Isoproterenol hydrochloride injection, by increasing myocardial oxygen requirements while decreasing effective coronary perfusion, may have a deleterious effect on the injured or failing heart. Most experts discourage its use as the initial agent in treating cardiogenic shock following myocardial infarction. However, when a low arterial pressure has been elevated by other means, isoproterenol hydrochloride injection may produce beneficial hemodynamic and metabolic effects.
In a few patients, presumably with organic disease of the AV node and its branches, isoproterenol hydrochloride injection has paradoxically been reported to worsen heart block or to precipitate Adams-Stokes attacks during normal sinus rhythm or transient heart block.
Contains sodium metabisulfite, a sulfite that may cause allergic-type reactions including anaphylactic symptoms and life-threatening or less severe asthmatic episodes in certain susceptible people. The overall prevalence of sulfite sensitivity in the general population is unknown and probably low. Sulfite sensitivity is seen more frequently in asthmatic than in nonasthmatic people.
Isoproterenol hydrochloride injection should generally be started at the lowest recommended dose. This may be gradually increased if necessary while carefully monitoring the patient. Doses sufficient to increase the heart rate to more than 130 beats per minute may increase the likelihood of inducing ventricular arrhythmias. Such increases in heart rate will also tend to increase cardiac work and oxygen requirements which may adversely affect the failing heart or the heart with a significant degree of arteriosclerosis.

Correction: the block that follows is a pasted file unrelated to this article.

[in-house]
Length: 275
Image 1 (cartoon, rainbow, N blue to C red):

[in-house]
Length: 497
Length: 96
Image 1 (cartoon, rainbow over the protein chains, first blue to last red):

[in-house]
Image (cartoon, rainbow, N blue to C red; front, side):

Particular caution is necessary in administering isoproterenol hydrochloride injection to patients with coronary artery disease, coronary insufficiency, diabetes, hyperthyroidism, and sensitivity to sympathomimetic amines.
Adequate filling of the intravascular compartment by suitable volume expanders is of primary importance in most cases of shock and should precede the administration of vasoactive drugs. In patients with normal cardiac function, determination of central venous pressure is a reliable guide during volume replacement. If evidence of hypoperfusion persists after adequate volume replacement, isoproterenol hydrochloride injection may be given.
In addition to the routine monitoring of systemic blood pressure, heart rate, urine flow, and the electrocardiograph, the response to therapy should also be monitored by frequent determination of the central venous pressure and blood gases. Patients in shock should be closely observed during isoproterenol hydrochloride injection administration. If the heart rate exceeds 110 beats per minute, it may be advisable to decrease the infusion rate or temporarily discontinue the infusion. Determinations of cardiac output and circulation time may also be helpful. Appropriate measures should be taken to ensure adequate ventilation. Careful attention should be paid to acid-base balance and to the correction of electrolyte disturbances. In cases of shock associated with bacteremia, suitable antimicrobial therapy is, of course, imperative.